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XI.

ihf

vhq n

Can storied urn, or animated bust,

TRI

n

BL tc

oq

Back to its mansion call the fleeting breath?

a

veq

d

sdf R

Can honour's voice provoke the silent dust,

a R2

B shf sh

-vdf p

a

vef

Or flatt'ry soothe the dull cold ear of death?

XII

idf

n

Perhaps in this neglected spot, is laid

rRI

br-R

veq w

Some heart once pregnant with

celestial fire; Hands that the rod of empire might have sway'd,

B nef

B shf st

pec sw

veq sw

Or wak'd to ecstasy the living lyre.

XIII.

shf d

q

But knowledge to their eyes her ample page,

phc

x

Rich with the spoils of time, did ne'er unroll;

Bvhf rt

rp

q

Chill penury repress'd their noble rage,

B br

B vhq c

B nhf p
And froze the genial current of the soul.

XIV.

ihf

Full many a gem of purest ray serene,

a

B pdf d

q

The dark unfathom'd caves of ocean bear;

a R2

shq P

Full many a flow'r is born to blush unseen,

phe

q

x

And waste its sweetness on the desert air.

XV.

vef

br-R

Some village Hampden that, with dauntless breast,

rL1

ihf

veg w

The little tyrant of his fields withstood;

B nef

d

a

B sdf

Some mute, inglorious Milton, here may rest;

a R2

Bvhf rt

P

A

B vhc

T

Some Cromwell, guiltless of his country's blood.

rRl

XVI.

B shf p

q

x

The applause of listening senates to command,

phf p

a

a

vef-rj

The threats of pain and ruin to despise,

Bvhx sp

Bphc

q

To scatter plenty o'er a smiling land,

B shc

9

Τ

And read their history in a nation's eyes,

XVII.

phc

4

phf st -R Their lot forbade nor circumscrib'd alone B vhf rt

x

Their growing virtues; but, their crimes confin'd,

B bdf ad

vhf

eb

Forbade to wade through slaughter to a throne,

BR

B vhf p

And shut the gates of mercy on mankind.

*

*

*

*

*

d

REMARKS ON THE NOTATION OF GRAY'S ELEGY.

(STANZA I.) First Line. Ls, listening. (See complex significant gestures.) The small a, over knell, is connected with the set of letters, B pef, over parting; and the small d, over day, is also connected with the same set. Each is considered a fourth small letter, separated from its set; a denotes the preparation, and d, the termination of the motion of the gesture. Second line. The set of letters, phd, relates to the right hand, which finishes its action at x, and falls slowly to rest. Third line. Here the left hand

takes up the principal gesture. This is called alternate gesture. Both hands unite their action on weary. Fourth Line. eyes bent on vacancy.

V, the

(STANZA II.) The several gestures which are connected together by long dashes, are to be considered as the flowing variation of continued motion, till either one, or both hands fall to rest. Gestures, thus connected, may be called continuous; they are generally of that kind which are styled discriminating gestures. First line. The posture, Bphc, on fades, is the preparation for sweeping round the horizon. Whilst the hands are proceeding to the position, Bphc, the head and eyes should turn towards either extreme; and whilst the arms are moving from this to the different positions, q and x, the head and eyes should move to the other extreme. In cases where the right hand performs the principal action, the head should follow its motion; in other words, it should turn from left to right, and vice versa. Third line. The left hand drops here, and the index-finger of the right hand is prepared to point across. The eye should follow the object at which the finger seems to point, as at a flying beetle.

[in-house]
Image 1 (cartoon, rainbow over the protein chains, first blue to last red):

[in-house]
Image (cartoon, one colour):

(STANZA III.) In order to vary the gestures, and the better to distribute the objects in the picture, the tower is supposed to be placed on the left side, and the left hand assumes the principal gesture; this is indicated, in the notation, by the short dash which precedes the set of letters. Fourth line. “Ancient, solitary.” Nouns, or, substantives, may be considered as the outlines, or images of things; adjectives, as the colouring, or circumstances added to those images, or limitations deducting something from them. In poetical language they are called epithets. Gray has indulged in the use of them, perhaps to a fault. But however that may be, whenever they occur, they almost constantly rob the principal image, or substantive, of its emphatic distinction, and claim it for themselves; perhaps, because the circumstances alone give individuality to the image, which, in itself, is a general term. For these reasons, the action, or gesture, falls rather on the epithet; and, if two, or more epithets are added to the same image, each should be distinctly marked, both by emphasis and action: if so pronounced, they serve to illustrate the idea; but if they are hurried over, they cause only confusion. Therefore, the words ancient solitary reign, require two gestures, one on each epithet. But, to avoid affectation, the transition should be the easiest possible; and this will be when the gesture on the preceding word is made the preparation for that on the subsequent. When two epithets are applied to a name, the latter should be the stronger; and in this view, also, it is proper to reserve the emphatic gesture for it, as the principal.

(STANZA IV.) First line. On elms, the right hand again resumes the principal gesture. It is here alternate, or auxiliary, as appears from the dotted line of connexion. Second line. On heaves